38 views! That is something truly special for me, since the previously highest-rating post was my very brief rant about how I wanted to suggest a special segment to Ellen to have on her show just so that we could play it. And the amazingly shocking thing is that I never heard back from her! I know, who suspected?
So my original plan was to write one of these each week, but I've never been very good a things like "patience" and "pragmatism" and "not having ADHD" so without further ado, let me reveal to you...
Pat "Mixmaster" Beckett
Pat was conceived in Sarajevo during the Bosnia/Sarajevo conflict to a tank driver and her haberdasher husband. From conception and throughout his gestation, a regular pattern of falling bombs created a lifelong affinity for heavy, thumping bass and explains why he can only hear you if you talk to him using a megaphone.
During the testing of newly-acquired amphibious vehicles, his mother took an incorrect turn as she was too self-conscious to admit that she needed to rotate the map to read it properly, and wound up two months later landing in Bondi in the summer of 1987, breaking out of the water in a torrent of frightening power, which is coincidentally what Pat did not twenty minutes later. The amphibious tank drove to Royal Prince Alfred where they were not asked to pay the $5 parking fee, for some reason, and Pat was born.
An unusually advanced child, before Pat could walk, he had already begun mixing. First, it was whites with colours (laundry, that is- Australia in the 1980's didn't have segregation, you had to go all the way to South Africa to see that). Next it was soft drinks with juices.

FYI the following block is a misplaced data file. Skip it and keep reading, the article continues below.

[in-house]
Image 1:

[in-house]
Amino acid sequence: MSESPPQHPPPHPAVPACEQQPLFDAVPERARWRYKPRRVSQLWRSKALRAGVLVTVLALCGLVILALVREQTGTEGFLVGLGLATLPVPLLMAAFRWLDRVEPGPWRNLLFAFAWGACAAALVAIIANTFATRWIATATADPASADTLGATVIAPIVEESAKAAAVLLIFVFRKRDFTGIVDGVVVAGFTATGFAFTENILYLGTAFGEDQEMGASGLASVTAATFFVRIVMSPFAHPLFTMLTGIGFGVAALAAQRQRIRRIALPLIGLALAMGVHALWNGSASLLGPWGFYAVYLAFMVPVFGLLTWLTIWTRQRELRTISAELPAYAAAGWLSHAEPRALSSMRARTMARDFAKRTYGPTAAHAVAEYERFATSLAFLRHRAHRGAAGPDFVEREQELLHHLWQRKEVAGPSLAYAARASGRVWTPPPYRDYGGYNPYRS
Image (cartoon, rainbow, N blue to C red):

In 1992, at a mere 5 years of age, Pat discovered Marky Mark and the Funky Bunch. This was the catalyst for a lifelong love affair with loops, rhythm, and using words like "legit" as punctuation. By year 3, he had already mixed tracks such as Go Ninja Go Ninja Go by Vanilla Ice, and by year 7 he was consulting to Eminem, who is quoted as saying "if it hadn't been for Pat Beckett, I would have followed my original dream of becoming an opera singer with a mild meth habit."
In year 8, at the tender age of 14, Pat was on his way to a Home Economics class (which, coincidentally, is where he got the nickname "mixmaster"- nobody could make smooth cake batter like Pat, and he always maintained a silken texture in your cakes was like oxygen- simply a requisite for life), when he tripped on a step and dropped a dozen pots he was carrying. It was then that he suddenly discovered that drums weren't things you programmed into chart-topping songs, as he had been doing for so many years by that point, but an instrument that could be played loud. Really loud.
Eminem was said to have personally begged him not to give up his studio career (and explains why he hasn't had a good song since Lose Yourself), but Pat was hooked. He enrolled in drum lessons and a week later completed his 12th grade drum exams, at one point also setting the world record for longest drumming session (36 continuous hours without dropping out of time).
Occasionally, in between drumming and finishing his high school, he would hack NORAD. But that's a story for another time.
We met Pat at a Western Sydney beat-boxing competition, where Pat was experimenting with ventriloquism beatboxing. Some performers managed dubstep, most just managed the beats themselves, but Pat completed a full rendition of Lose Yourself with all instruments and the chorus vocal lines without even moving his lips. Obviously, he won the competition.
We had to have him in the band. But given his previous grammy victories (which he had attached to gold chains around his neck), how could we justify joining a small, part-time Western Sydney band?
I told him I was an orphan whose parents had passed away in an unfortunate juicing accident (Worst. Smoothee. Ever.) and that it had been a lifelong dream to start a small, part-time Western Sydney band who would never get to play the Ellen show.
How could he refuse?
Pat enjoys drums, bass, drum n' bass, building things for bass to play through, recording bass, and having more TV's than people in his house (he is planning for his eventual kids, although I pointed out that he will need at least 6 kids to bring the ratio to 1:1).
Pat, we love you, and are ever so glad for the 6-inch armour plating that kept you safe in Sarajevo all those years ago. You're...the... bomb!